This city’s German heritage is no joke. It’s in the food, the traditions, the surnames, the street names, fußball, and the neighborhoods. It’s a fundamental, if sometimes taken for granted, part of our everyday lives.
Servatii Pastry Shop is a testament to that. It’s German through and through. In fact, it’s turning Cincinnati more German all the time, thanks to a pretzel recipe that just won’t quit.
But, as ever, we must begin at the beginning. So, without further ado, we present the five German ties of Cincinnati's favorite pastry shop:
Wilhelm Gottenbusch opened Servatii in Hyde Park in 1963. His father was George Gottenbusch, who himself opened a bakery in Münster, Germany after World War II. His father was also George Gottenbusch, and he started the whole baking love affair by driving a horse-drawn carriage door-to-door selling his irresistible baked goods. Today the baking tradition is carried on by Wilhelm's son Greg and his nephew Paul. They're fourth- and fifth-generation bakers, respectively, and though they're rooted in Cincinnati, they're still drawing inspiration from their German forefathers.
No, not ‘Gottenbusch,’ though indeed you’d expect saying it aloud to summon an army of Prussian soldiers donning spiked Pickelhelms. Instead, I’m talking about ’Servatii.’ That name comes from Servatius, patron saint of the city gate in Münster where Wilhelm’s father, George, opened Café Servatii on Servatii Platz. Wilhelm chose the name for his Cincinnati-based bakery as something of an homage, and the rest is, well, Servatii.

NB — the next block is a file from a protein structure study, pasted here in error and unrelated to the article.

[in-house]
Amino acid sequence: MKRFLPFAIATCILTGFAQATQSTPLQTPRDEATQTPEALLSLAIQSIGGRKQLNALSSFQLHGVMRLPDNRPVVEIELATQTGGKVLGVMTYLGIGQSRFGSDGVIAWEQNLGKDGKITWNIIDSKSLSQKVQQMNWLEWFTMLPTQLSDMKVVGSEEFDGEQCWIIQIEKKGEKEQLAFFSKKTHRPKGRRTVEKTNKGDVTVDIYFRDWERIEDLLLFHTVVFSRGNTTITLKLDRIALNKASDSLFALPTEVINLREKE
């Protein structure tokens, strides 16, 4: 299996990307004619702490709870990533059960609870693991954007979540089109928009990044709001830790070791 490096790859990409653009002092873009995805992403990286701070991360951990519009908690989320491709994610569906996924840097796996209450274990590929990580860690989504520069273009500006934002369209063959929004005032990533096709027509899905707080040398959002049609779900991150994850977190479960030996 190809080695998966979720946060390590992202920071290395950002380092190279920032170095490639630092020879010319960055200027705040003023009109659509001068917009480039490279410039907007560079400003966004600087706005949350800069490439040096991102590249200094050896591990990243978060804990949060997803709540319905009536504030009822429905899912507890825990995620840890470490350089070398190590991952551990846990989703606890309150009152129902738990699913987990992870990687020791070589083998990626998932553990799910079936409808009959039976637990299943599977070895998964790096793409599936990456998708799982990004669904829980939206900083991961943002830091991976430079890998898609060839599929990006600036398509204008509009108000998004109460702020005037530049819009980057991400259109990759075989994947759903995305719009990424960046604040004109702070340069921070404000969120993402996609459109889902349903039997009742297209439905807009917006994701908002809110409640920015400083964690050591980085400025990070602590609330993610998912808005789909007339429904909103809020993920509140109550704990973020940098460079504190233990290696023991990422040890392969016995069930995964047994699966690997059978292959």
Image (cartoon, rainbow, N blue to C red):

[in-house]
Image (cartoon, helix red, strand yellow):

Wilhelm and his father both attended Germany’s finest baking school, where they attained the status of “Konditor Meister,” or Master Pastry Chef. Years later, Greg retraced his forefather’s footsteps back to Germany to apprentice in baking and pastry. And where else did he do so but Münster, the ancestral and spiritual home of Servatii.
Every Servatii Pastry Shop is outfitted with a display case. And behind the glass of that display case sits an array of Old World pastries that would make Mary Berry blush. There’s tortes and truffles, pies and cheesecakes, cookies and sweet rolls—and pretzels!—all baked using much the same recipes as Wilhelm used decades ago, which of course were much the same as his father used at Café Servatii in Münster.
You absolutely cannot mention Servatii’s Bakery in Cincinnati without someone, whether at the next table or across the room, raving about the quality of Servatii’s pretzels. From the golden color to the impeccable soft structure—the result of a long proof—these suckers are as delicious and authentically German as it gets.
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Servatii Pastry Shop has 12 locations throughout Greater Cincinnati.